In order to design and build machines that could help the world harness the power of the sun to create electricity without producing greenhouse gases that contribute to climate change, researchers at the U.S. Department of Energy’s (DOE) Princeton Plasma Physics Laboratory (PPPL) have discovered a way to build strong magnets smaller than before.
A method was developed by the researchers to create high-temperature superconducting magnets made of a substance that conducts electricity with little to no resistance at higher temperatures than before.
Spherical tokamaks, which resemble a cored apple rather than the doughnut-like shape of conventional tokamaks and are being investigated as a potential design for future fusion power plants, would more readily fit such massive magnets within the small space inside of them.
Researchers could fix the magnets without disassembling any other components since they could be placed apart from other equipment in the spherical tokamak’s central chamber to contain the heated plasma that powers fusion reactions.
“To do this, you need a magnet with a stronger magnetic field and a smaller size than current magnets,” said Yuhu Zhai, a principal engineer at PPPL and lead author of a paper reporting the results in IEEE Transactions on Applied Superconductivity. “The only way you do that is with superconducting wires, and that’s what we’ve done.”
When light elements are combined, they create plasma, a hot, charged state of matter made up of free electrons and atomic nuclei that produces enormous amounts of energy. Fusion is the process that powers the sun and stars.
In order to create a potentially limitless supply of secure and healthy energy to power electricity production, scientists are working to duplicate fusion on Earth. Compared to copper magnets, high-temperature superconducting magnets provide a number of advantages.
High-temperature superconducting magnets can help spherical tokamak design because the higher current density and smaller windings provide more space for a support structure that helps the device withstand the high magnetic fields, enhancing operating conditions.Thomas Brown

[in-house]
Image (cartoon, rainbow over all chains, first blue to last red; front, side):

They are better suitable for use in future fusion power plants that will need to run for months at a time since they can be turned on for longer periods of time than copper magnets can.
Additionally potent, superconducting wires may produce a greater magnetic field while transmitting the same amount of electrical current over a far broader path than a copper wire. The magnets might also assist researchers in their ongoing efforts to reduce the size of tokamaks, enhancing performance and lowering building costs.
“Tokamaks are sensitive to the conditions in their central regions, including the size of the central magnet, or solenoid, the shielding, and the vacuum vessel,” said Jon Menard, PPPL’s deputy director for research. “A lot depends on the center. So if you can shrink things in the middle, you can shrink the whole machine and reduce cost while, in theory, improving performance.”
These brand-new magnets benefit from a method developed by Zhai and scientists from Advanced Conductor Technologies, the University of Colorado Boulder, and the National High Magnetic Field Laboratory in Tallahassee, Florida.
By using this method, the wires can be electrically insulated without using traditional materials like epoxy and glass fiber. The method cuts expenses while streamlining construction.
“The costs to wind the coils are much lower because we don’t have to go through the expensive and error-prone epoxy vacuum-impregnation process,” Zhai said. “Instead, you’re directly winding the conductor into the coil form.”
Moreover, “high-temperature superconducting magnets can help spherical tokamak design because the higher current density and smaller windings provide more space for a support structure that helps the device withstand the high magnetic fields, enhancing operating conditions,” said Thomas Brown, a PPPL engineer who contributed to the research.
“Also, the smaller, more powerful magnets give the machine designer more options to design a spherical tokamak with geometry that could enhance overall tokamak performance. We’re not quite there yet but we’re closer and maybe close enough.”
This research was supported by the U.S. Department of Energy (Small Business Innovation Research and Laboratory Directed Research and Development).